I get it. I concede. Our son, so far, does not like camping.
and it sucks.
I know that he is young and isn’t quite aware of what he likes/doesn’t like, but currently sleeping in a tent has made it’s way onto his tear-inducing list.
The first time he went camping went well – we did two nights in West Virginia with some friends and everyone slept pretty well. The second time, he enjoyed the hike but was up the entire night crying to the point that at 4am I just hiked out and left (where he promptly fell asleep in the car for the 3 hour ride home).
We always start strong – he seems to enjoy hiking in a front, out-facing carrier and on our backs in the Osprey. And he thoroughly enjoys playing with dirt and rocks while we set up camp. But once it’s time to go to bed in the tent, the good times end.
This weekend we snuck off to Gorges State Park to camp and do another dry-run at backpacking with Bear. (Our last dry run at Max Patch, we learned that both Matt & I need to be wearing our packs to carry everything. We had tried wearing him in the Osprey Poco, but it didn’t have enough room for gear.) We packed both our bags, with Matt generously giving me the bulky but light items, and I front-carried Bear in the Ergobaby.
When it came time to put him to bed, he went to sleep in his camping bassinet (which is incredibly bulky to hike with and I’m dying to find something else that’s easier) for a few hours until Matt and I joined him in the tent.
That’s when the tears came. Howling until I nursed him. He would fall asleep between us, I would drift off and then we would wake to crying again. At one point last night, I was moving him onto my chest and he projectile vomited all over my hair and my side of the sleeping bag. There I am, sitting up on our sleeping bag with puke in my hair, running down my back onto my pillow with Matt frantically wiping me down with wet wipes under the impression it would do any good. The whole time, Moose was sitting in the tent giving us a look that seemed to say, “And you thought bringing the tiny human would be fun.”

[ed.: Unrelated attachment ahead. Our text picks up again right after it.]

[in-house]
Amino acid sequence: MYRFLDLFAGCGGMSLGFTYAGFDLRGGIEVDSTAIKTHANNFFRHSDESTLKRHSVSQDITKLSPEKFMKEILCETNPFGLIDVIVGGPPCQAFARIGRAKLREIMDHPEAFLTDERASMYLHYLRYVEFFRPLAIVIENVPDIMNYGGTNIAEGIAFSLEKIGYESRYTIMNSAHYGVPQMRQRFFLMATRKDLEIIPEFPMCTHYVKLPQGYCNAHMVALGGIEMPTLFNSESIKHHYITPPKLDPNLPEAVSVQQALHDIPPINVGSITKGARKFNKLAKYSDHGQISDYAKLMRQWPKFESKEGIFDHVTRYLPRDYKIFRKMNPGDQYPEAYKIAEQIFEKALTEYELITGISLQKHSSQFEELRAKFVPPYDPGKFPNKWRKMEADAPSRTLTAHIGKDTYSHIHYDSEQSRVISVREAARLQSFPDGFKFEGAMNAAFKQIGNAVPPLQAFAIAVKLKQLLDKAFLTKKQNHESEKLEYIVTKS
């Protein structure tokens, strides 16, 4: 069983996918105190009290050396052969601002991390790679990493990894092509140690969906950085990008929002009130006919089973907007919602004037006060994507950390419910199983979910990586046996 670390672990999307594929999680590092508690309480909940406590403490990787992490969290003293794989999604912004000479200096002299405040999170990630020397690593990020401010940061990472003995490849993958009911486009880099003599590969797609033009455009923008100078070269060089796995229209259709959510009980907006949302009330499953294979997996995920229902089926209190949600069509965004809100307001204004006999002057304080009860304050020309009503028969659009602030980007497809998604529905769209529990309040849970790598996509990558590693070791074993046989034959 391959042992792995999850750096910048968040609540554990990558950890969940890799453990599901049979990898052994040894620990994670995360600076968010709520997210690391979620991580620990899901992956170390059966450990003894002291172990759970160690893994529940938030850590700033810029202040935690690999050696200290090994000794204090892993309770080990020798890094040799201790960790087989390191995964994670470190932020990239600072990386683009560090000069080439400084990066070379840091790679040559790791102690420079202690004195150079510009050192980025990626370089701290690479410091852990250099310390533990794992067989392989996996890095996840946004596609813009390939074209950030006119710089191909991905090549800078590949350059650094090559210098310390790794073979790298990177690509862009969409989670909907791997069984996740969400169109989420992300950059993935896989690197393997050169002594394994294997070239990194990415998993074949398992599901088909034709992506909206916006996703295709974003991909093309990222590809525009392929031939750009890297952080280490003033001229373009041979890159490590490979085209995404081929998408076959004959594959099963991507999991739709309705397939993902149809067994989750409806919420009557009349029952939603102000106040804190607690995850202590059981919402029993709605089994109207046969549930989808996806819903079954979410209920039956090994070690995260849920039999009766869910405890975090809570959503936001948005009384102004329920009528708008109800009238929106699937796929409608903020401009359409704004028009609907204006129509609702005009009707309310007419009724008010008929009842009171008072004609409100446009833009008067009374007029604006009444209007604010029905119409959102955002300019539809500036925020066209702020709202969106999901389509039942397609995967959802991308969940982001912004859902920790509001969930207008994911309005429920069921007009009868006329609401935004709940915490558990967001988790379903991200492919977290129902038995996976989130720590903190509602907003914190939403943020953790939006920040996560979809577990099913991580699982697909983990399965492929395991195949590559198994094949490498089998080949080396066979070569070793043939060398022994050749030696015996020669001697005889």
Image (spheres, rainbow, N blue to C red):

It was stressful for so many reasons. I hated that he wasn’t enjoying it, because camping is something we thoroughly enjoy and we want to do as a family. If he doesn’t like it, I don’t want to force him to do now because I don’t want to risk him absolutely hating it when he’s older. We got no sleep, and my hair was a disgusting mess.
The next morning, Bear’s Mr. Hyde disappeared and Dr. Jekyll had returned, all smiles as we ate breakfast and napping in the carrier while we packed up the campsite. Luckily, the other occupied tent sites near us had young children too who made their way over in the morning to see the baby. One family that came to say hi was a Dad & Daughter duo on the daughter’s first backpacking trip! She was so excited, telling us about their journey the day before.
So we’re going to hold off on the camping with baby for a few month to give him some time to get older and more used to the outdoors. We want him to love it as much as we do, and for it to become the foundation of so many of his childhood memories. We were going to attempt to Art Loeb Trail as a family at the end of the month, but we are now tabling that until next year (and thinking it may be a Matt & Emily solo trip).
Overall, I know we will laugh at this. I already find it funny, and in the moment of the crying and vomiting, I just shrugged my shoulders because of course it’s going to happen to me. It’s all trial and error, finding what works with Bear’s preferences so we can raise him to love the outdoors, and hopefully he will want to camp instead of dreading the family activity. We already know we will be making room for his Dock-a-Tot with us wherever we camp next, because we are finding as long as he is in his Dock, he can work his way to sleep.
On the plus side, the dog had a wonderful time.
And actually, so did we.